A new national data privacy legislative framework proposed by Privacy For America, a lobbying coalition that counts the biggest names of both Silicon Valley and advertising companies among its ranks, reveals exactly which points the broader data collection industry is willing to concede on. The centerpiece of the group’s vision for data privacy protection in the United States is a model that mostly limits notices and opt-ins to certain protected groups and circumstances, instead relying on increased regulatory power to the FTC and state governments to protect individuals.
In addition to documenting the points that member companies such as Facebook and Google appear to feel are inevitable, the new privacy legislative framework also shows which practices the industry is hoping to keep in place and avoid being regulated more tightly on.
Big data’s privacy legislative framework
America’s biggest data companies have heavily involved themselves in the national conversation about federal data privacy protections, even calling for regulation at times. This is not out of altruism or concern for the end user, however, so much as it is an attempt to establish an early outsized influence over the process and steer this seemingly inevitable federal law in a direction that is favorable to them.
This new data privacy legislative framework that Privacy For America has proposed has all of the hallmarks of that approach. It is centrally defined as being in opposition to the “notice and choice” model, the current general framework under which the end user is expected to be notified of how their data is being used and to tick a box indicating their consent.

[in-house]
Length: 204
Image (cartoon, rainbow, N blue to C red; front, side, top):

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While notice and choice has its issues, including confusing “legal-ese” end user agreements and lack of control over stored data after it has been given up, most privacy advocates would likely agree that the model is an important component of a data privacy protection strategy and needs to be strengthened and improved rather than disposed of. This proposal would replace notice and choice conventions with a set of “norms” governing data practices backed by a combination of federal and state enforcement.
The Privacy For America proposal focuses heavily on baked-in regulatory protections to prevent the use of data for the purposes of marginalization. For example, it calls for added prohibitions against the use of data for discriminatory evaluations (job applications and housing, for example) and for “selective pricing” based on stored demographic information. It also particularly focuses on the protection of “tweens” (age 12-16) who are heavy internet users but not always subject to parental oversight. The proposed privacy legislative framework also includes provisions for simplifying the language of privacy policies, and rights to greater control of stored data.
Some elements of the group’s privacy legislative framework are conspicuous by their absence, however. Most notably, that data considered “non-sensitive” (which would include the web browsing data that is the bread-and-butter of the targeted advertising industry) would not be subject to opt-in requirements. Also, only the protected tween group would have clear access to a “right to be forgotten” eraser function allowing them to remove any information volunteered while they were a minor. The proposal only provides the right to “request access to” or “request deletion of” data for other groups, the only concrete offering being a once-per-year report of the company’s data use similar to an annual free credit report.